Conditions at Sawgrass far different than last year

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PONTE VEDRA BEACH, Fla. – By many accounts, TPC Sawgrass’ Stadium Course is in the best condition it’s been in years, groomed to agronomic perfection by a particularly warm winter in north Florida and a few architectural nip/tucks.

Twelve months removed from one of the most comical – or cruel depending on one’s point of view – chapters in the tournament’s history, it doesn’t even seem like the same layout to many who played Round 3 at last year’s Players Championship.

James Hahn shutters when he recalls that Saturday at the 2016 Players when winds gusted to 20 mph and the course’s greens took on a brownish hue and the rigid consistency of a pool table.

“I’m going to say unfair,” Hahn said when asked about the greens on Day 3 at the ’16 Players. “They were the fastest and with certain pin locations, if you are expecting the greens to be 15 [on the Stimpmeter] you can’t put them in the same pin locations we’ve had for the last 20 years.”

Like many of his Tour frat brothers, Hahn wasn’t happy with the conditions. Unfair, unplayable, unbearable, pick your poison, everybody had something to say about the Stadium Course.

Sawgrass played to a 75.59 stroke average that fateful day which was the third highest single-round total last season and highest for a non-major.


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Tour officials prepared the greens for Saturday’s round the same as they had all week by double cutting and double rolling them, but were caught off guard by the wind and unexpectedly low humidity.

The result was a round that quickly turned into a free-for-all.

Kevin Streelman three-putted his first hole from 18 feet on his way to an 80; as did Steve Wheatcroft to kickoff a round of 79, and Hahn thought his 27 footer for birdie at his first hole (No. 10) was a perfect chance to get off to a good start before he raced that attempt by 9 feet.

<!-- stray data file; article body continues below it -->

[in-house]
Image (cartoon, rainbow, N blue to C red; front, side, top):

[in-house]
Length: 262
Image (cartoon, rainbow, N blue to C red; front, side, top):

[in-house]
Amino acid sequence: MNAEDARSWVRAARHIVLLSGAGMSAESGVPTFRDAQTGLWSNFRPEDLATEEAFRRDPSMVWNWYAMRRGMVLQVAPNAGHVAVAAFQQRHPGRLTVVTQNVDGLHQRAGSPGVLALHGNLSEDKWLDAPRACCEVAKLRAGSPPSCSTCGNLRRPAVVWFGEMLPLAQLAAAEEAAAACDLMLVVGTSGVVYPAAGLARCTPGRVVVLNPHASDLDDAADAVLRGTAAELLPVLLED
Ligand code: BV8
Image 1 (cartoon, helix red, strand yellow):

Hahn was paired with Ken Duke that black Saturday and Duke remembers Hahn and Jon Curran, who were on opposite sides of the hole, both about the same distance, essentially trade places with their first attempts at the group’s first hole.

“They both three-putted right out of the gate, and you’re thinking, ‘Oh boy,’” Duke said.

Hahn wanted to be angry with the PGA Tour staff for a poor setup that embarrassed the players, but he kept watching Duke roll in putt after putt on his way to a 7-under 65, which was by far the day’s best and more than 10 strokes better than the field average.

“It was the most impressive round I’ve seen in my life, he not only hit it close, he was making 18, 20 footers that had 2 or 3 feet of break and he was jarring them. His speed, if he didn’t make the putt his ball would roll by 5 or 6 feet at times,” Hahn said. “He knew it was going in the hole, but for me I was always worried about the second putt.”

Duke took just 24 putts on Day 3, made one bogey (at No. 11) and was 16-of-17 on putts from 10 feet and in. It was a clinic within a competitive catastrophe.

“I hit it in the right spot where you could make putts,” Duke said. “I got ahold of the speed of the greens early, and that was the difference.”

What Duke lacks in hyperbole he makes up for with his southern simplicity, but his take on that surreal Saturday really doesn’t do it justice.

No one was immune to greens that most say were faster than Augusta National’s, faster than even Oakmont during the U.S. Open.

“My caddie [James Edmondson] kept telling me, ‘Hit it softer,’” Ryan Palmer recalled, “ and I’m like, ‘I’m trying.’”

Eventual champion Jason Day needed 32 putts on Day 3 on his way to a 73 and a tie for third that week in total putts.

“It was miserable,” said Hudson Swafford, who recalled running his chip at his first hole 4 feet by the hole. “And then I watched Freddie Jacobson, who is a notoriously good putter, almost putt it off the green from 12 feet and I was like, wow. It was comical.”

Golf is hard, but this was something bordering on cruel and unusual.

For Hahn, the tipping point came at the sixth hole and a 3-footer for birdie that he estimated had about a half foot of break, which he missed on the low side and that rolled out 5 feet. To this day, the California-Berkeley graduate still doesn’t know how he could have made that putt.

“For perfect [Dave] Pelz speed, 17 inches past the hole, where would you putt that putt? What would the line be?” Hahn said. “I couldn’t do the math on it because I’ve never really thought about greens like that other than it just being illegal.”

The greens may not have been illegal, but most agree they were wrong. Wrong for everyone, that is, except Duke.